Approved Under the Accelerated Approval Regulatory Pathway January 2019
Authored By: Mamata Gokhale, Principal Consultant, PAREXEL® Consulting.
The accelerated approval is one of several approaches used by the FDA to expedite the development of drugs for serious or life-threatening diseases and conditions upon determination that the product has an effect on a surrogate endpoint that is reasonably likely to predict clinical benefit, or on an intermediate endpoint that can be measured earlier than irreversible morbidity or mortality. This guidance focuses on how accelerated approval is represented in the Indications and Usage section of product labeling (USPI) and offers recommendations to sponsors on language that best conveys different circumstances specific to accelerated approval.
Indication and Usage statement for drugs approved under the accelerated approval framework differs from drugs with traditional approval by acknowledging that the drug was approved based upon accelerated approval and that continued approval for the drug (or indication) may be contingent upon verification and description of clinical benefit in a confirmatory trial or trials. Effect on surrogate endpoint or intermediate clinical endpoint such as response rate that supported the accelerated approval needs to be described in the Indication and Usage statement and should be cross referenced to the Clinical Studies section of the label. A similar presentation should also be used under the Indications and Usage heading in Highlights without a cross-reference to the Clinical Studies.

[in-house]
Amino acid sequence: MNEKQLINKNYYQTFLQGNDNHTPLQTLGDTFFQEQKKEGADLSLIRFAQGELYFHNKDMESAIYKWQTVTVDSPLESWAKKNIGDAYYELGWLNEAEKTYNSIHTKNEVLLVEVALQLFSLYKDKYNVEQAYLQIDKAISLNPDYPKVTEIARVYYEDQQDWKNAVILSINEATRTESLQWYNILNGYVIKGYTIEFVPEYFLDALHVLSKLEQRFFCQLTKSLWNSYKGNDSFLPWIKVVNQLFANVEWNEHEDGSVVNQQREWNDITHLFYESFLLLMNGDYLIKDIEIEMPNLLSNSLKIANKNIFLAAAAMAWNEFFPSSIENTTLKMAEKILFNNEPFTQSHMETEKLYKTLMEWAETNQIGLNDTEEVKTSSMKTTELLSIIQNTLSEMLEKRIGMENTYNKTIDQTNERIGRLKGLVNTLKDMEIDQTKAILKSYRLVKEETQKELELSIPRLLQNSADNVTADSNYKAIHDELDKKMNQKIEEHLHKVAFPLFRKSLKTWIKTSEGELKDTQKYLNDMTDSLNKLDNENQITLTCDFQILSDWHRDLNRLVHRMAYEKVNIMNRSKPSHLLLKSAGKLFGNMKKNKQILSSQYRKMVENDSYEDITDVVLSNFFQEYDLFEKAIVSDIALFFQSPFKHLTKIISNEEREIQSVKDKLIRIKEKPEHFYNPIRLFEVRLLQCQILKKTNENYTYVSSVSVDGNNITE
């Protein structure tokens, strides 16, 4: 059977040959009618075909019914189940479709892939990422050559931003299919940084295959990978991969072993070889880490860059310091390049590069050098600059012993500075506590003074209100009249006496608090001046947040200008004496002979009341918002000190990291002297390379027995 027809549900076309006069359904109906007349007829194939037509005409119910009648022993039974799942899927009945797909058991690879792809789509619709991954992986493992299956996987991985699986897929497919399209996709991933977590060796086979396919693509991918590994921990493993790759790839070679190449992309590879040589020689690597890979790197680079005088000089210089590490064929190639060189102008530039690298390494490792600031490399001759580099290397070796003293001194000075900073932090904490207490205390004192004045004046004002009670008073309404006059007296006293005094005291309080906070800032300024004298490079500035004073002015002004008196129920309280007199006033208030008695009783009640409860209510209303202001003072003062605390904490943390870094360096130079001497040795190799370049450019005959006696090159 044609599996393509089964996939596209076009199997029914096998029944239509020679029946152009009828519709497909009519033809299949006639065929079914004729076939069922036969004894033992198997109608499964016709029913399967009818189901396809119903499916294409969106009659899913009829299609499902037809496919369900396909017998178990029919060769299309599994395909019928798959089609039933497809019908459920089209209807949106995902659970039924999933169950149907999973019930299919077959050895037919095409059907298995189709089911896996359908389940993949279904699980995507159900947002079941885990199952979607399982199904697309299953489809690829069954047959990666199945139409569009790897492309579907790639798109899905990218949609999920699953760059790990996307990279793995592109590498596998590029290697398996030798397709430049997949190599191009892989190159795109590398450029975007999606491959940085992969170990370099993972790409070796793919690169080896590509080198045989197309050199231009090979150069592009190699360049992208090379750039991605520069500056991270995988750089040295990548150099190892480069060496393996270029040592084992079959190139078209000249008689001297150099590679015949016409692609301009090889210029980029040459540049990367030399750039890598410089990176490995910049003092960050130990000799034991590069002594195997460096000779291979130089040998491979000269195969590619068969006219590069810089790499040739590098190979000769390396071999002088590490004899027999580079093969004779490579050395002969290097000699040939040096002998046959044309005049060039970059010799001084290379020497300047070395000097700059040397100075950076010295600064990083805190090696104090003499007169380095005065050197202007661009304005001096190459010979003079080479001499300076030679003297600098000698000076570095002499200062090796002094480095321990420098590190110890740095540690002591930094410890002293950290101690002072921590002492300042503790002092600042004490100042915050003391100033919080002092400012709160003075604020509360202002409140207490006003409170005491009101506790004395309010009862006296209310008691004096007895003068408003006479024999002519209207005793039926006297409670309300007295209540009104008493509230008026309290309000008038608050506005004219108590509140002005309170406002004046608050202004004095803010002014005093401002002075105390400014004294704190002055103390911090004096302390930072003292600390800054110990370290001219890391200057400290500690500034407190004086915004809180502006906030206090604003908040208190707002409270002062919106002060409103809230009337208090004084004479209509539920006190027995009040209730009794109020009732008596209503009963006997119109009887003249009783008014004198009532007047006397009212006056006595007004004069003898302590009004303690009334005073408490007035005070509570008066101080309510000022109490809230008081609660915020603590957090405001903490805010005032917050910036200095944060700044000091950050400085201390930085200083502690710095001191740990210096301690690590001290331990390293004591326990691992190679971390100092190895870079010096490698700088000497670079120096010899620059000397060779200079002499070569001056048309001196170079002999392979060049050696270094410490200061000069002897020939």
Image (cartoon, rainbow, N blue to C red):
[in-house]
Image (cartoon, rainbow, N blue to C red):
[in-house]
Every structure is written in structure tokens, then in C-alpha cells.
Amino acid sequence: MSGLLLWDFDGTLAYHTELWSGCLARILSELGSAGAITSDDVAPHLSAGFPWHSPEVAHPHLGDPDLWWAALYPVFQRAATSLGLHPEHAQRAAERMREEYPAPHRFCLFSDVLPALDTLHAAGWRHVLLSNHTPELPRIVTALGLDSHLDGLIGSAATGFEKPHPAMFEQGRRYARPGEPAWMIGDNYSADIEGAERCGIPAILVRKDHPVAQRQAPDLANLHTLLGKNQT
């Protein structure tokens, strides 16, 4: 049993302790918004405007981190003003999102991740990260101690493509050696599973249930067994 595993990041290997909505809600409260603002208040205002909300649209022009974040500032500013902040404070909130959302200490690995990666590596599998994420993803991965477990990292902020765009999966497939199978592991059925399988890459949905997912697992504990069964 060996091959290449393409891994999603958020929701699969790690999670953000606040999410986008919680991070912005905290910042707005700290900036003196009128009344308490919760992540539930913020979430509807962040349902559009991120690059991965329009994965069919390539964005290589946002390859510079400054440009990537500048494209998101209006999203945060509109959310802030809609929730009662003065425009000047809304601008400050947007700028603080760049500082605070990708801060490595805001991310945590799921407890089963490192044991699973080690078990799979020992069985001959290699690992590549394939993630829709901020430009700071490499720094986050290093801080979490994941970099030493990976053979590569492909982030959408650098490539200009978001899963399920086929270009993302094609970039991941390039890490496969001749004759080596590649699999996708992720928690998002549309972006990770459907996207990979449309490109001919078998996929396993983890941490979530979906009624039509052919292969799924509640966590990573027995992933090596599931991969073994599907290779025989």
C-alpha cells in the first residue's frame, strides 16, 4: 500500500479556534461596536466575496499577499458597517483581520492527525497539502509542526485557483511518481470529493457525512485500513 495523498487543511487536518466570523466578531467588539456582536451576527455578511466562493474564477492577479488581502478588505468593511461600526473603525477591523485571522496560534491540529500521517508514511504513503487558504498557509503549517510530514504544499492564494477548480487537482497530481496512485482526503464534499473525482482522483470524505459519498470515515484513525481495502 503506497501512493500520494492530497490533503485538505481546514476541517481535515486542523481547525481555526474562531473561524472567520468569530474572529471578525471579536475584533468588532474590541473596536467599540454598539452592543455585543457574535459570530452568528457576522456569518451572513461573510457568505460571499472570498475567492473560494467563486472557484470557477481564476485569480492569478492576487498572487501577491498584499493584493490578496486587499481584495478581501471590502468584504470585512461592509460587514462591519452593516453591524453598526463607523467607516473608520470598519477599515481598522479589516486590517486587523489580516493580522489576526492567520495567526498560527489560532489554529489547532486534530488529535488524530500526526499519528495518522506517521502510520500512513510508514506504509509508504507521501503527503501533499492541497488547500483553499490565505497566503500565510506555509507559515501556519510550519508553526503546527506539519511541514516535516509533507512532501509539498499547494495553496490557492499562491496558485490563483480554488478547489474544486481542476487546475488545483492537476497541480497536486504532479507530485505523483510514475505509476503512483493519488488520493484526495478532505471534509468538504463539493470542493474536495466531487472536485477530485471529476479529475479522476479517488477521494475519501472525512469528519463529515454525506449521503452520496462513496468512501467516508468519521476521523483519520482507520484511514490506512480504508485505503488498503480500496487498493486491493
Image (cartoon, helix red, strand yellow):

Continuation of accelerated approval is subject to the requirement that confirmatory trials verify the drug’s clinical benefit. Therefore the Indication and Usage statement also needs to state that continued approval for this indication may be contingent upon verification and description of clinical benefit in a confirmatory trial(s).
Following successful verification and description of clinical benefit in the post-marketing studies, the information in the INDICATIONS AND USAGE section should be revised to reflect the population and condition for which there is substantial evidence of effectiveness. The statements concerning limitations of usefulness and continued approval should be removed or revised, as appropriate. In addition, other sections of labeling (e.g., Adverse Reactions and Clinical Studies) should be revised, as appropriate, to reflect the new data. Approval of a drug or indication approved under accelerated approval may be withdrawn if confirmatory trial(s) fail to verify the clinical benefit or demonstrate that the use is not safe. If the accelerated approval indication is withdrawn, but the drug remains approved for other indications, the labeling must be revised.
PAREXEL has internal expertise (industry and ex-FDA) in accelerated drug development and corresponding labeling for drugs and biologics. Our labeling subject matter experts can develop and update the labels as well as facilitate labeling negotiations with the regulators.